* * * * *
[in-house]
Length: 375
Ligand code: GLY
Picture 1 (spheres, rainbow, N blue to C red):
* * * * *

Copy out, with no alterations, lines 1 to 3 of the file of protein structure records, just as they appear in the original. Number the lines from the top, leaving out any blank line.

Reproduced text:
[in-house]
Length: 375
Ligand code: GLY